(Roost Books, 2014)
reviewed by Glenn
As a father of three girls I’ve thought a bit about our mass education system and it’s impact upon my children. In the “idealistic” phase of parenting, home schooling was the preferred path, although this was never realized for a number of reasons. Economics was probably probably the main challenge but there were certainly other factors.
In his new book “Home Grown” Ben Hewitt and his wife take it to the next level. They opt to raise their two sons on a farm in the back woods of Northern Vermont without formal education. A hands on approach to learning is emphasized over academic achivement. The boys grow skilled in living off the land become well connected to nature. Their curriculum is the day to day requirements of maintaining a small acreage. Reading and writing are a part of their developement but not in a regimented way.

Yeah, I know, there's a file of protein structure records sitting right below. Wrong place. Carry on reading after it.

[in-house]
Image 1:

I admire the courage it must have taken to do this; how many who would want to could make it work? Children today, I believe, have lost much connection with the natural world. They are locked up for most of the day at school and are in front of the tv or other device for most of the night (like the rest of us). So the “push back” of the unschooling movment is probably overdue. I applaud those teachers who take their classes on walks around town and coordinate field trips. But is pushing relentless academics on developing children ultimately healthy? Perhaps a seachange is long overdue.
Ben Hewitt is the author of “Saved, the town that food saved” and “Making supper safe”. He and his family life is a self-built, solar powered house in Cabot, Vermont and operate a forty-acre livestock, vegetable, and berry farm.